Thanks and Tributes

A bit about me. My name is Jeremy Gordon. I live in Australia now. I'm a practising barrister both in the UK (working from the Temple, London, England (http://www.LambBuilding.co.uk) and in Queensland (in Brisbane actually). http://www.DirectDocs.com.au, and I am a mediator: http://www.Qmediate.com.au. I try to satisfy my love of technical matters and my creative streak by my programming work. My website work can be found at http://www.GoSiteDesigns.com.

The following are in order of appearance on my programming scene:-

To Eric Isaacson of Bloomington, Indiana, whose excellent assembler, A(3)86, I used for many years until I wrote GoAsm. Eric was a great support in shaking up GoBug to its present state.

My thanks and tributes go particularly to Wayne J Radburn, of Gatineau, Québec, the walking brain, one of a handful of pioneers who saw at an early stage the fun and beauty of Win32+assembler programming. He devoted many hours and days corresponding with me, discussing ideas, testing my programs and correcting my work. In particular, he pushed me hard to create a decent Beta version of GoBug, and decent versions of everything else since then for that matter.

Then to Anthony Robinson of Nomansland, New Forest, England, for finding and putting up with early errors in GoRC, solely to assist a fellow programmer, and to further the overall aim.

To Sven Schreiber, of Herzogenaurach, Germany, for writing the brilliant WALK32, which inspired us all, and which he generously devoted to the public domain in the hope that it would generate more interest in Win32+assembler, which it did. Sven also asked for greater pre-processor power in GoRC, much to my alarm, but he got it. He has now produced a most impressive work "Undocumented Windows 2000 Secrets" - a real goldmine of internal 2000 information.

Thanks to all those others who helped to test the first "Go" tool, GoRC, and to give me ideas, including Kaproncai Tamás, of Hungary, and all the members of the old compuserve PROGLA forum.

To Leland M. George of West Virginia, who enthusiastically found bugs in GoAsm which no one else could have found nor will ever find again. He also pressed hard with good ideas which resulted in several changes to my programs.

Then to René Tournois of Liousville, Meuse, France, author of the ground breaking RoSasm assembler, for being an example of perseverance in the face of adversity. Here is his cat.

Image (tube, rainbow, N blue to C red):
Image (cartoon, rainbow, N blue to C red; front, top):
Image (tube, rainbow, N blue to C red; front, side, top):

And a special thanks to Edgar Hansen of Kelowna, British Columbia, Canada ("Donkey"), who is rumoured never to sleep, at least whilst there remains either (a) any bug or enhancement required in the "Go" tools or (b) any unwritten example, library or include file for them. Edgar was too tired to pose, so here is his cat "Bear" who looks equally tired, and Smokey who looks very alert.

Thanks to Ramon Sala of Barcelona, Spain, creator of the great Easy Code visual assembly IDE, for all his hard work in converting it to work with GoAsm for free distribution to all interested programmers. Once he started on this project Ramon never once looked back.

And thanks also to the team from Imperial College, London, headed by Simon Tatham and Julian Hall who wrote NASM and to Anthony Williams who wrote ALINK. They devoted their work to the online community out of sheer altruism.

And thanks to those who wrote those articles and books, without which my understanding would have been much diminished, including Sven Screiber (Undocumented Windows 2000 Secrets), Matt Pietrek (Windows 95 System Programming Secrets), John Robbins (Bugslayer in the MSJ), and Rick Booth (Inner Loops). And those who had the greatest part in feeding my original interest in assembler many years ago, Peter Norton (Programmer's Guide to the IBM PC and Advanced Assembly Language), David C. Willen and Jeffrey I. Krantz (8088 Assembler Language Programming: The IBM PC) and Ray Duncan (Advanced MSDOS Programming).

And of course a special thanks to all those members of the GoAsm and tools forum and the Windows ASM Community Message Board including in particular Greg Heller of the Congo ("Bushpilot"). Thanks also for the support, suggestions and bug reports from Daniel Fazekas of Budapest Hungary, grv, Jeff Aguilon, Jonne Ahner, Thomas Hartinger, Martyn Joyce, Kazó Csaba, Brian Warburton, Mike Lorenz, Marek Targowski, and Dmitry Ilyin.


To my dear wife Judy who (I think) understands and tolerates my single-mindedness, on the pragmatic basis that it "keeps me out of mischief", and therefore the best wife one could hope for. And there are other reasons too, of course.

To our two cats, Lucy and Squeeky.

Thank you, Lucy, for testing my work thoroughly at the approach of meal time by sitting on the keyboard in order to block my view of the screen. Unwittingly you provided some really random keyboard input.

Thank you Squeeky for giving me such good company during long programming sessions, and for somehow missing all the keys when walking over the keyboard. I think you are a very sensible pussy.

Thank you, also, Shadow for giving similar support to Wayne J Radburn in Québec.

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